22 Days of Musing: 20

20. Counselling my future self.

Last night I got into a little of a rambling reminiscence about the first painting I did as self-treatment for a fairly black phase of depression, and I shared the painting itself, which I’m now realising that I probably should have done tonight so that while I talk about it, it’d be here in front of you. But never mind – I may as well share it again here, and since it’s my blawg, what I say goes. This isn’t any kind of a democracy, after all.

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Ú-chebin galad anim. Acrylic on canvas, January 2013.

The depiction is of the elven queen Galadriel from The Lord of the Rings (portrayed in the films by Cate Blanchett) farewelling the Fellowship of the Nine as they leave the forests of Lothlórien. While the theme is admittedly maudlin, it’s also deliberately rich in symbolism. It draws upon Galadriel’s own fate, and that of all her kind: destined to fade into the West as the world passes from the Elves’ dominion, she passes the responsibility for the destiny of Middle-earth into the hands of those she farewells, and to Frodo she gives a gift of light even as she herself recognises that she will soon diminish and go into the West. That’s what the Quenya inscription says (and devising a Quenya translation and tengwar transcription of the phrase, which is spoken in the film only in English and never shown in writing of any stripe, was intended also to give me something to occupy and interest my brain).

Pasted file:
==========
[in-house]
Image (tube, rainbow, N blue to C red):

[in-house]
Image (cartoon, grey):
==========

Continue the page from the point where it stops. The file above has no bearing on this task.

Lyen antanyë i silme Eärendilwa, ammelda elenelma.
Nai cálë lyen nauva mornë nómessen,
írë ilyë exë calmar isintanier.
[I give you the light of Eärendil, our most beloved star.
May it be a light for you in dark places,
when all other lights go out.]